Up front, defensive coordinator Chad Smith has some versatility in personnel with the ability to “go big” or “go quick,” depending on the opposition’s offensive style or the down-and-distance situation.
Hopper (all-MEC HM) – who had flashes of brilliance last year, Gott (all-MEC HM), Washburn (all-MEC second-team), provide talent and bulk, when needed. Junior Dalton McCracken (5’10”, 180) used his quickness and tenacity to make some big plays from nose guard when used situationally last year. Kelow also should factor in and Swift might get some action at tackle.
Hayen and Hill return as the starting ends (Hill can serve as a linebacker/safety when the Hornets switch from a 5-man to 4-man front for some foes). Jamacin Carr (6’2”, 180) is the primary backup with sophomore Cameron Fleener likely to see some action with an eye toward next year. When CHS shifts to the 4-man front, Washburn stands up and plays end opposite Hayen with Hill stepping back or moving out wide to help defend a “spread” look.
In the secondary, K. Ward (all-MEC HM) and Rasche were starters on the corners and Sewell (4 int.) at strong safety last year. Some shuffling of them to cover for the graduation vacancy at free safety has occurred, with Rasche moving inside. D. Reynolds, with his good speed, looks likely to be the other starting corner, but E. Reynolds’ nose for the ball and general instincts might get him regular use. Juniors Dan Hoel and Tucker Wagers will be depth corners and Leamer the lead backup at safety.
As for kicking game specialists, Carr returns as placekicker and Winder will punt again with each the backup for the other. Washburn will snap for punts and Wheeler for placekicks.
Rasche had some good returns, including one for a touchdown on a kickoff, a year ago and will be joined by Sewell in handling both kickoffs and punts, Rulo reports. K. Ward also has kickoff return experience.
As for the competition Chillicothe will encounter this season, the most-obvious difference is a new opponent which involves the Hornets’ first out-of-state trip since winning at Fort Madison, Iowa, in 1994. The last game against a non-Missouri team was 1995’s visit by Fort Madison.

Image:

That will change in mid-October when the Hornets’ week eight (Oct. 18) slot – occupied by St. Joseph: Bishop LeBlond a year ago, but opened by Bishop LeBlond’s switch to 8-man play – will be filled by Kansas City, Kansas’ Wyandotte High Bulldogs.
Wyandotte won only a game or two last year, but almost certainly won’t be a pushover.
That non-customary, late-season non-conference contest will give Chillicothe three outside the MEC for the first time in 10 years. Marshall and Kirksville remain the weeks one and two opposition, as they have been this entire decade.
Plagued by turnovers, Chillicothe lost both non-league games last year, being shut out both times. Both MHS’ Owls and KHS’ Tigers have their starting quarterbacks – each of which figures to fill the air with pigskins – and a number of other starters returning, so reversing either of those outcomes won’t be a simple matter.
Once MEC play rolls around – with its one less game, thanks to Bishop LeBlond’s move, defending champion and deserved annual favorite Maryville likely will have to fend off challenges from Savannah and St. Joseph: Lafayette.
With their greater experience, the Hornets look to have a reasonable chance to reverse their loss to Kansas City: St. Pius X when they host the Warriors in week five. While not “gimmes,” the week four clash at Cameron – which again has a new head coach – and the regular-season finale at home against St. Joseph: Benton should present opportunities for Chillicothe to repeat its triumphs of a season back.
As for toppling any of the conference’s projected top three, those prospects seem more limited.
Of the three, the Hornets seemed to fare best against Savannah last year, except for being burned several times by Savages quarterback Chase Spoonemore, who is back as a senior. If it can avoid surrendering repeated big plays, Chillicothe could be able to at least force those foes to use their starters deep into the second half and avoid “running-clock” blowouts.
If CHS can flip the result of one of its initial pair of non-league games and its outcome with St. Pius X, a winning regular season would be within reach. Given Marvyille’s reclassification to Class 2, that could lead to bigger and better things in the Hornets’ Class 3 postseason.
Grouped with league schools Savannah, Cameron, and Benton, as well as Kansas City clubs from Pembroke Hill, Southeast, Northeast, and Central, Chillicothe – if it makes the advances from a year ago anticipated – could well achieve the third or even second seeding for the district playoffs. Third would mean at least one home games and second could bring two and enhance the possibility of a 6- or 7-wins season or better for the Hornets.
Entering the season, Savannah and Pembroke Hill project as the top candidates for the Nos. 1 and 2 seedings, but developments during the season could rearrange that.
Prospective developments Rulo sees as critical to his Hornets “maxing out” this fall, include boosting offensive line depth, winning the turnovers battle by improving their own ball security and creating more takeaways, and continuously improving week by week while staying healthy.
“I am excited as to what the future holds and look forward to working daily with the coaches and players to positively impact our student-athletes, both as football players and young men,” the always-earnest coach asserts.